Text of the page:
President Barack Obama says America's economy is in crisis but can be repaired.  America's 44th president struck a determined, but pragmatic tone, on economic matters in his inaugural address.

In his first speech to the nation as president, Barack Obama pledged America will not shrink from or compromise on core ideals when it comes to civil liberties, the rule of law, the quest for peace, and democracy.

But on economic matters Mr. Obama sought to distance himself from ideological debates on the role of government and the free market that have raged in Washington for decades.  He argued that what matters is not the size of government, but rather its effectiveness.  He had similar words about the promise and risks of capitalism.

"Nor is the question before us whether the market is a force for good or ill," said Mr. Obama. "Its power to generate wealth and expand freedom is unmatched, but this crisis has reminded us that without a watchful eye, the market can spin out of control - and that a nation cannot prosper long when it favors only the prosperous."

The president is inheriting a recession, with rising unemployment and a huge budget deficit.  Mr. Obama said America remains the most prosperous nation on earth, with a productive workforce and almost boundless capacity to innovate and generate goods and services.  But he said there is work to be done.

"The state of the economy calls for action, bold and swift, and we will act - not only to create new jobs, but to lay a new foundation for growth," said Mr. Obama. "We will build the roads and bridges, the electric grids and digital lines that feed our commerce and bind us together."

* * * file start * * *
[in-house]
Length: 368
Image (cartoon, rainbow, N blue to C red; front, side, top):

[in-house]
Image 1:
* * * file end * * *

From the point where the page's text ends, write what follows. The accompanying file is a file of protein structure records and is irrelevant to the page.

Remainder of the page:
"We will restore science to its rightful place, and wield technology's wonders to raise health care's quality and lower its cost.  We will harness the sun and the winds and the soil to fuel our cars and run our factories.  And we will transform our schools and colleges and universities to meet the demands of a new age," he added.

The president added that America's economic well-being cannot be separated from that of the global community.

"To the people of poor nations, we pledge to work alongside you to make your farms flourish and let clean waters flow; to nourish starved bodies and feed hungry minds," he said. "And to those nations like ours that enjoy relative plenty, we say we can no longer afford indifference to suffering outside our borders; nor can we consume the world's resources without regard to effect."

In the weeks leading up to his inauguration, Mr. Obama worked with his economic team to forge an economic stimulus package totaling more than $800 billion.  The plan consists of tax breaks for middle-income earners and small businesses, funding for infrastructure projects, incentives for alternative energy initiatives, and other measures.  Congressional leaders have pledged expedited consideration of the package in coming weeks.